Wednesday, September 02, 2009
Learn Somethin' From Those Kids on the Rachel Zoe Project
I'll admit it, I watch The Rachel Zoe Project on Bravo. Not only because I support everything my other baby-daddy (and fellow BU alum) Andy Cohen does, but because I glean valuable career lessons from the show. Yes, I approach my job as a publicist just like Rachel does, with a swath of fur hanging over my shoulder (well, I will this fall/winter) and a venti latte in hand, thinking very hard about consumer engagement. While Rachel calls up designers to alter their confections, I turn trends into...headlines. But as obsessed as I am with Rachel and her catch-phrases (sadly, I have none except "please," "thank you," and "have you eaten")I also love watching the dynamic between her two assistants, Brad and Taylor. These three characters represent the trinity that I think exists in any creative/professional environment - it's a union that's fraught with tension and angst, but ultimately, if everyone knows and embraces their role, can be quite fulfilling for all parties. Sadly, Taylor hasn't gotten the memo and that's probably why she'll soon be fetching coffee for Brad, her whiny and tear-prone underling (with a devastating proclivity for oversized bow-ties).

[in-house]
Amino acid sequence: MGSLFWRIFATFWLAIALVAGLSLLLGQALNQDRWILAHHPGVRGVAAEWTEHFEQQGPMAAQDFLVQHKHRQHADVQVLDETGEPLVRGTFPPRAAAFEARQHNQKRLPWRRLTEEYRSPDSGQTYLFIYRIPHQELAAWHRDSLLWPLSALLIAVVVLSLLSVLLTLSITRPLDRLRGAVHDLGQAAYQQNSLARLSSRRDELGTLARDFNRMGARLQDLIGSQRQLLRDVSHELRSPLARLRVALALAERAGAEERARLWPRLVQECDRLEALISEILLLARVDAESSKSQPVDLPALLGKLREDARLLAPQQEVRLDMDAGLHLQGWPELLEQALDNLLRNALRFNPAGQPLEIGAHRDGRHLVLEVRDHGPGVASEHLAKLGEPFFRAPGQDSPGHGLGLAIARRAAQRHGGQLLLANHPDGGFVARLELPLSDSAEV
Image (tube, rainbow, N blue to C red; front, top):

Brad, like many gay men, is only too happy to swaddle his boss in attention and praise. Whereas Taylor wields her superior skill over everyone, including her boss Rachel, Brad just tosses on a pom-pom hat and makes Rachel laugh. He cares about his boss, whereas Taylor sees her as a stepping stone. In the trinity of creative pursuits, there's the scatter-brained ringleader (Rachel), the know-it all martyr (Taylor) and the smart but more importantly likable heart of the operation (Brad). Though I don't cry at work, I empathize with Brad because I, too, have a heart. And that's what I bring to work - before I deliver bad news or assail my boss with a litany of boring client updates and my own personal demands I make sure the big cheese has a coffee and biscuit in hand.
Is this a gay trait or a human flaw? I don't know, but I definitely see it as a competitive advantage in an increasingly topsy-turvey career landscape. What I'm trying to say, kids, is that those rumors about the gays taking over the world are quite true. And they're not doing it with huffing, puffing and sass, they're doing it with charm. Learrrn somethin', Taylor.